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Wednesday, November 18, 2009

Question about the scent of deer interdigital glands

Frank asked:

How long do you think the scent of the interdigital gland lasts after the hoof has been removed from the deer. I ask this because the last few training tracks I have done for my 5 month old Majestic hound consist of taking a deer leg on a stick and making a track and leaving the other deer leg at the end of the track. The pup has found the leg both times but there has not been any other deer tracks in the area. My next training session will be around allot of other deer tracks so would you want fresher legs than say a week old leg to compete with the live legs of the deer in the area. I hope your season is going well and thank you for your book it has really help me train my dog.

John replied:

I think that it makes a difference as to how you handle the deer hoof. I use a set of deer feet in tracking shoes over a month or more, on four or five different half mile tracks. In between tracks I store the tracking shoes, with hoofs attached, in a big plastic garbage bag in my chest freezer, and I suppose that this freezer storage helps to preserve the scent form the interdigital glands. The track itself is something that my dogs can follow after 24 hours. I imagine that a Majestic could do better than that.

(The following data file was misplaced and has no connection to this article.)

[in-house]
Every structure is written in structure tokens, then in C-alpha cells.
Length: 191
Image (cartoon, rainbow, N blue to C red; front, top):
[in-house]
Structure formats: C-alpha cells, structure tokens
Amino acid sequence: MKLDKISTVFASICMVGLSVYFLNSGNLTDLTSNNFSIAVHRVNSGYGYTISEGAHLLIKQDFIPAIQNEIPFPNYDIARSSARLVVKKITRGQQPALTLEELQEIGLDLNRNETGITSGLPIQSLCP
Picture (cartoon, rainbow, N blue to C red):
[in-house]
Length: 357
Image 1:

On a track made with an aged deer hoof, we really don’t know whether the dog is following the scent of the interdigital gland, or just the smell of the rancid or rotting meat. There is much that we don’t know about what the dog actually perceives, but we do know that tracking shoes, or a deer foot on a stick, are good training devices.

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